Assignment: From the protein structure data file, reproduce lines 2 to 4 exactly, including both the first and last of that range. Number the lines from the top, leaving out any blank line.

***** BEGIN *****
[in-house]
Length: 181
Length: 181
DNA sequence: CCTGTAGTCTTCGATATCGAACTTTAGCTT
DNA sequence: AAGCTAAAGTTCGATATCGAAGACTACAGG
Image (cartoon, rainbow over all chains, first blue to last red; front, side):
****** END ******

Length: 181
Length: 181
DNA sequence: CCTGTAGTCTTCGATATCGAACTTTAGCTT